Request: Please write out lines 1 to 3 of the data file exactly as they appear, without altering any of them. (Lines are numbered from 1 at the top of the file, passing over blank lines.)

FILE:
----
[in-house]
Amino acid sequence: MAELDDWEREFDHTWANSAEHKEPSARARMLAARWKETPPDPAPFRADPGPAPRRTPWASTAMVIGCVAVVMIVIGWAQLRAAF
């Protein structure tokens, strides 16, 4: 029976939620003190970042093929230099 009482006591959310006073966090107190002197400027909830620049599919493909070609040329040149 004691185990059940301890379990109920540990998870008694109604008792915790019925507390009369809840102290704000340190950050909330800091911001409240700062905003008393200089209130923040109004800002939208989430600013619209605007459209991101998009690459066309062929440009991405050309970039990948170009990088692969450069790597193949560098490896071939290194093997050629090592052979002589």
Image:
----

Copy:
[in-house]
Amino acid sequence: MAELDDWEREFDHTWANSAEHKEPSARARMLAARWKETPPDPAPFRADPGPAPRRTPWASTAMVIGCVAVVMIVIGWAQLRAAF
């Protein structure tokens, strides 16, 4: 029976939620003190970042093929230099 009482006591959310006073966090107190002197400027909830620049599919493909070609040329040149 004691185990059940301890379990109920540990998870008694109604008792915790019925507390009369809840102290704000340190950050909330800091911001409240700062905003008393200089209130923040109004800002939208989430600013619209605007459209991101998009690459066309062929440009991405050309970039990948170009990088692969450069790597193949560098490896071939290194093997050629090592052979002589």